Could you see yourself producing an entire mixtape with a single producer, like Dark0 and K9's 'Mad in the Cut'?
Sure, I'd love to work on a full album with a vocalist at some point, possibly under a separate group name. Really mix up some styles. To me it's just about crossing paths with the right person and the work coming together organically. You need a real strong creative connection if you want to make a project like that something special. But yeah, it's something I've always been interested in pursuing.
The instrumental scene is diverse and vibrant at the moment, but would you say there's as much variation in the new wave as MCs as there was in the old?
Yeah I think most MCs have their own solid style, the guys I've been keeping up on anyways. It's growing, and I'm sure that has something to do with the instrumental side of things. A lot of people left for road rap or pop or changed their sound a couple years ago for whatever reason, and the vocal scene kind of fell apart in my eyes. What got me into it in the first place had disappeared, but now more people are realising they don't have to water down what they do to be accepted, it's good to see that original energy coming back.
One of the most discussed topics around Novelist recently has been his Ruff Sound movement, at 160 bpm. Are you working on anything for that? And obviously it's a similar tempo to footwork, again would you be interested in working with any of the Teklife crew, or wider scene?
I'm not working on anything for Ruff Sound but I'm watching it develop. It was interesting to hear that new one 'Snitches' with the heavy Memphis influence, that worked really well. Always down with Teklife, I love that shit. I've got a lot of footwork tracks only a handful of people have heard, with some collaborations, would be cool to work on some more for sure.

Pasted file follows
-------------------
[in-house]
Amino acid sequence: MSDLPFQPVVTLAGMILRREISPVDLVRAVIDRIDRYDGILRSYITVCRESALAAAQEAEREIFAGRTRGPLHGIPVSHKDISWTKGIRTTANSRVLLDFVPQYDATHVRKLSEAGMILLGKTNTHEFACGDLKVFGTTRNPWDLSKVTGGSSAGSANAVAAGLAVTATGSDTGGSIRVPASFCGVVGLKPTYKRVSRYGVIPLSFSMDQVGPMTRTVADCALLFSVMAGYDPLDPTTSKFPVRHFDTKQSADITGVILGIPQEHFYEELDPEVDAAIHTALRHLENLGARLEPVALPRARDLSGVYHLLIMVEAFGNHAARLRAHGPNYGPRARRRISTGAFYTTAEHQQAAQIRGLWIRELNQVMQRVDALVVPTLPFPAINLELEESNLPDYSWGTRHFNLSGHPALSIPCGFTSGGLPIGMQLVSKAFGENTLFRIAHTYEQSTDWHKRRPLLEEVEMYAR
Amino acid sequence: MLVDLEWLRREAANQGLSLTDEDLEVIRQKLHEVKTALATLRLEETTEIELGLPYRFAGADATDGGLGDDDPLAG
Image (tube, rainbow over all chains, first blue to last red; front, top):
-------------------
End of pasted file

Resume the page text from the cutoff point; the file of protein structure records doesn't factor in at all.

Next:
When producing, do you tend to focus on working out the drums or the melody first?
It's different every time, it's more about what's influencing me at the time and influence can hit you from anywhere, you just have to follow it and see where it goes. If I wake up and start from scratch with no ideas in my head I'm probably more likely to mess around with a melody to begin with.
How much do you think about the dancefloor reaction when you're building a tune?
Not much, it's something I'm taking into consideration more now though. Usually I just let things flow and go with it, but that way you end up producing twenty tracks and of that twenty only three of them are club ready. There's nothing wrong with that, it just takes up a lot of time. I guess it depends what you're wanting to do really, but there's no point in forcing yourself to make a club record if that's not where your mind is at, that's how you end up making terrible music. It's all practice, music production for me is a constant learning process.
What ideas underpinned your new EP, ‘Secret Palace’?
It's a showcase of what I've been working on for the past couple of years, some of the tracks I'm happiest with. Stylistically each track is completely different, so I hope the record shows versatility. I make a lot of music of different styles and only a fraction ends up getting released or heard, and from that fraction people have to form an opinion to give what you do a tag or put it in a category, which can be dangerous. I don't ever want to be pigeon-holed into a specific genre, that's how you end up limiting your creative output, and I never want that.
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Inkke’s ‘Secret Palace’ EP is out now on LuckyMe, buy now LINK.